Delta variant could hinder job growth in Houston, economist says

HOUSTON, Texas -- If the current rate of U.S. job creation continues, the nation should recover all jobs lost during the COVID-19 pandemic by mid-2022, according to Patrick Jankowski, senior vice president of research at the Greater Houston Partnership.

The video above is from a previous story.

"If that happens, this would be one of the quickest recoveries we've ever had for a U.S. recession," he said during his first in-person presentation since before the pandemic at a Cy-Fair Houston Chamber of Commerce meeting Aug. 17.

However, Jankowski said the delta variant could delay that recovery process as COVID-19 case counts are even higher now than they were at this time last year.

Harris County Public Health reported 27,622 active COVID-19 cases on Aug. 16, 2020, and 37,205 active cases on the same date one year later, for instance.

"That's the real issue right now that could potentially derail the growth that we're seeing both in the U.S., globally and in Houston," Jankowski said.

Overall, the Greater Houston area has recovered about 59% of jobs lost during the pandemic.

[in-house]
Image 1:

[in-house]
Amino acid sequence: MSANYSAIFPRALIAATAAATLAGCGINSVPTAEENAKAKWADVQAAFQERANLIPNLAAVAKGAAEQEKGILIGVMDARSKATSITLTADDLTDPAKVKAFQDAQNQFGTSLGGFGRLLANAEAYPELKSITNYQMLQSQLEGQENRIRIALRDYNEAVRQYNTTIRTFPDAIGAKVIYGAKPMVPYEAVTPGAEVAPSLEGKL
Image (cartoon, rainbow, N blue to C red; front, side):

Most job sectors affected by social distancing in the region-such as restaurants, retail and health care-have recovered to prepandemic levels. But manufacturing, construction and energy make up almost half of the region's jobs that have not yet been recouped, Jankowski said.

"That's why I'm concerned that Houston will not recover as fast as the rest of the nation because we have those three industries weighing us down," he said.

Houston ranks No. 16 of the top 20 U.S. metropolitan areas when it comes to progress toward economic recovery. Houston is behind cities including Denver, Dallas, Tampa, Detroit, Atlanta, Phoenix, Minneapolis and St. Louis. Miami, San Diego, Los Angeles and San Francisco follow Houston on that list, Jankowski said.

While home sales are "through the roof" and vehicle sales have started to pick up in recent months, Jankowski said the office real estate market will take much longer to recover, and oil and gas jobs in the region will likely never return to prepandemic levels.

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"Employment in [the] oil and gas industry right now is pretty much where it was in 2006," he said. "We lost 15 years' worth of job growth in oil and gas, so that's why we need to find other industries, other things out there that will help the economy grow."

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